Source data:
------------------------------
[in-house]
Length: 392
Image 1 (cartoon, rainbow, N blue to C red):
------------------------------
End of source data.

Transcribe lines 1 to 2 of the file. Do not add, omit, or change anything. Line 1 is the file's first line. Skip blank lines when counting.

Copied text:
[in-house]
Length: 392